The Madawaska (nicknamed the Mad) is a paddler’s playground. This trip includes a variety of whitewater challenges, many of which can be run by the experienced whitewater canoeist. All rapids, however, also have portages and many can be easily lined if you prefer. There are a few mandatory portages like Slate Falls, so care and proper scouting should always be observed before attempting any rapids.
As for photographic opportunities, they are somewhat limited when compared to other areas like Algonquin, Killarney or the French River.
The Madawaska runs from Algonquin Provincial Park to the Ottawa River. Parts of it can be run as day trips, weekend trips or longer. The trip we chose is commonly known as The Lower Madawaska and most of the trip was in the Lower Madawaska Provincial Park.
Our trip was in June, when the water levels weren’t too high, but high enough to make it exciting. The bugs, however, were extremely harsh at times. One of the drawbacks of the area was that it appears to be heavily used. There is evidence of vegetation destruction and firewood can be somewhat scarce. There is also an ATV trail that runs along the parts river, which may add to the high usage and may attribute to some vegetation destruction.
We started our trip Aumond's Bay. To get there, follow Hwy 515 from Palmer Rapids to Quadeville. Turn right at the T Junction continue straight up the steep hill on the Green Lake Forest Access Road (gravel). Travel about 7 km until you find an Aumond's Access sign. Follow this rough and narrow bush road to the parking area. We left a second vehicle at Griffith.
We spent our first night at the campsite between the Island Rapids and Dog Rapids. We chose this site for a good reason. Our group was somewhat new at whitewater canoeing so our plan was to set up camp early, then spend the rest of the day playing and practicing in the nearby rapids. It was here that we discovered that one of our parties had forgotten their tent in the trunk of the car left at Griffith. It looked like two of us were forced to really rough it. We MacGyvered a make-shift tent from our tarps and the “outsiders” had to sleep outdoors with their bug jackets on. We then spent the rest of the day playing in the rapids and trying our luck at fishing.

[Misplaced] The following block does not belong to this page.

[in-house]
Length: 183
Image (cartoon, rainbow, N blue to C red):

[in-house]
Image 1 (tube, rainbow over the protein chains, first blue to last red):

The next day we continued down the river and dealt with each the 10 oncoming rapids. One of our canoes was poly and the other, a Kevlar. The paddlers in the poly could be a little more daring on some of the bigger rapids. On our second night, we camped at Crooked Rapids. The site was well used and was connected to ATV trails. Firewood, of course, was very scarce.
The next morning we proceed on down the river running non-stop through all the rapids until we came to High Falls. After a quick portage we were on the home stretch to Griffith.
The Highlights of the trip were the playful rapids. There are many rapids of various sizes requiring an variety of technical skills. It's a great place for beginners, like us, to learn and practice their skills and a great place for experienced whitewater enthusiasts to play in rapids and to just "giver".